Learning beyond the Classroom

Author: Jeremy Dela Cruz

The Nanovic Institute entrance

Tucked within a little gated enclosure beneath the shadow of the Golden Dome, the Nanovic Institute for European Studies modestly takes its place in a corner of campus once known as “the French Quarter,” a nickname describing the original band of Holy Cross Sisters who called the brick building home. The Nanovic Institute is one of many centers at the University which encourage undergraduate research by making travel to Europe more accessible to students.

Founded in 1992, the Nanovic Institute was established through the support of Robert ‘54 and Elizabeth Nanovic and aims to facilitate student conversation and curiosity about Europe. In addition to providing financial aid for research projects, the Nanovic Institute organizes lectures, hosts foreign film screenings, and offers a Minor in European Studies.

I have been fortunate enough to have received three Nanovic grants to fund my research. As a sophomore, I was able to visit Le Mans, France, the birthplace of the Congregation of Holy Cross, in order to study the French School of Spirituality. I went on to visit the convent of Bl. Élisabeth of the Trinity in Dijon a year later for a project on Carmelite spirituality. My cross-cultural studies incorporated my skills and interests as a French major and enabled me to literally expand my learning beyond the classroom.

Charlie Skinner, a senior seminarian majoring in Political Science and Philosophy, recalls his own Nanovic experience in Florence, Italy. He made the trip as a way to learn more about the devotion to Our Lady of Sorrows, the patroness of the Holy Cross religious on campus. After crafting a research proposal in addition to a detailed budget and itinerary, Charlie applied to the Institute and earned a grant. “I was also required to follow Notre Dame's research protocol, which involved establishing a faculty advisor, learning the legal logistics of conducting interviews, and introducing me to the formal process of conducting research.”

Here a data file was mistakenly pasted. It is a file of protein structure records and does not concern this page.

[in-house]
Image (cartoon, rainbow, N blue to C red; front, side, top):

The initial application process is lengthy but rewarding. Interested students must seek the advice of a particular professor, take online courses regarding ethical research practices, and develop a focused plan of action. “This groundwork made for a very smooth and productive week [in Italy], and upon return, there were people who could help me compile and organize the results.”

Jeremy conducted research in France

In Italy, Charlie visited the Servite monastery of Monte Senario, where he was able to explore history through conversation. “It was great to be able to interview the priests at the monastery in person,” Charlie said. “Since I was there in person, I also had access to several theological and historical books and visited several sites that were relevant to my research.”

The Nanovic Institute doesn’t limit itself to funding pure research endeavors but also extends support to projects involving student discernment. My fellow New Media Intern, Emma, travelled to Wexford and Dublin, Ireland, thanks to the center’s generosity. Her goal was to experience life at the House of Brigid, which she is considering as a possible post-graduation year of service in music ministry.

Emma at the House of Brigid

If you’re interested in conducting undergraduate research in Europe, be sure to check out the Nanovic Institute!“The Nanovic truly provided me with the funding for this opportunity that I would otherwise not have had,” Emma said. “For myself, the week provided me with so much clarity in my discernment and without their funding, I would have been unaware of the powerfulness of the House.”